While it’s always good to hear that we are healthy, the news that Paul writes about is even better news. Really, it’s the best news we could ever hear. Paul says starting in verse 3 of Galatians 1,

“Grace to you and peace from God our Father and the Lord Jesus Christ, who gave himself for our sins to deliver us from the present evil age, according to the will of our God and Father, to whom be the glory forever and ever. Amen.” (Ga 1:3–5)

While these verses serve as an introduction to the letter, they also contain the content of the gospel. The gospel tells us that Jesus gave Himself for our sins. That sacrifice was necessary because we are sinners. If you have been in church for any length of time, you have heard that term. You have probably heard that term defined as one who misses the mark. While that’s not necessarily wrong, I don’t think it gives us a full picture of what it means to be a sinner. Sinners are those who live in rebellion to God. Living in rebellion involves more than just breaking a few rules here and there or missing the mark occasionally. Living in rebellion means that we have rejected God’s way of doing things for our own way of doing things. A rebel, then, isn’t someone who veers off target occasionally, they are someone who has charted their own course. They are someone who lives at odds with God. That’s not a good thing. You see, God is holy and His holiness requires He deal with those who are unholy, with those who have rebelled against Him. Which means that as rebels, as sinners, we are due to face God’s punishment.

But, and here is the good news, because what I just told you is bad news. It’s bad news, whether Hollywood glorifies it or not, that we are rebels. But the good news is that Jesus gave Himself for us. In other words, He took the punishment we deserve. On the cross, the Father’s wrath that was reserved for us was poured out on Jesus. All those who are willing to admit that they are sinners who deserve God’s punishment. All those who would repent — what that means is that we turn from our sin, from living in rebellion to God, to live under His guidance and direction. All those who admit they are sinners, repent, and believe that Jesus took their punishment for them, experience salvation. They experience peace with God, which means that we no longer have to worry about Him punishing us. Instead of being His enemy, we are His children and He is our Father.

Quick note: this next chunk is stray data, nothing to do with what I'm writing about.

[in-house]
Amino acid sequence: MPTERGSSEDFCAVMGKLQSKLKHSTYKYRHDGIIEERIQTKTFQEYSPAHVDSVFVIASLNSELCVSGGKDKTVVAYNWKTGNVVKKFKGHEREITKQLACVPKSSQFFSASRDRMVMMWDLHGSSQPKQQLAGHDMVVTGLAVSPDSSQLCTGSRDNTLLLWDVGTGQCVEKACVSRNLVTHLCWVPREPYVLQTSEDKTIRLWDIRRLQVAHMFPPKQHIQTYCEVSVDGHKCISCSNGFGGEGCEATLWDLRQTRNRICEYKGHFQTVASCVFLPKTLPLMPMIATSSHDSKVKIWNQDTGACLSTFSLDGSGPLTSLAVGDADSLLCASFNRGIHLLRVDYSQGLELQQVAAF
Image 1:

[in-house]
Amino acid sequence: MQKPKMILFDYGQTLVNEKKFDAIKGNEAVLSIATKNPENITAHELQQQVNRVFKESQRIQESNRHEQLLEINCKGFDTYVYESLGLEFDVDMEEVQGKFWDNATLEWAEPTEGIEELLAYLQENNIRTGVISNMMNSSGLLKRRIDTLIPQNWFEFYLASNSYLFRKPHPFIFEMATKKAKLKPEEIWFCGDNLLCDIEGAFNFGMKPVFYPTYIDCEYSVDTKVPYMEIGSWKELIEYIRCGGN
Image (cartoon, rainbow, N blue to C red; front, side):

Alongside peace with God, we also experience deliverance from the present evil age, which means that we are no longer under the control of Satan. He’s no longer our master. We are freed from his bondage and slavery. And we are able to live for God. That’s the gospel, that’s the good news, that we are saved from God’s punishment by Jesus’ work on our behalf. I want to be clear that it is through Jesus’ work on our behalf that we experience salvation. That means that we don’t contribute anything to our salvation. It’s all Jesus and none of us. That’s the good news. That’s the gospel.

Question for Reflection

  1. Do you believe the gospel?
  2. Do you see it as good news?


Post developed from my sermon: Why shouldn’t we change the gospel? You can listen to it here.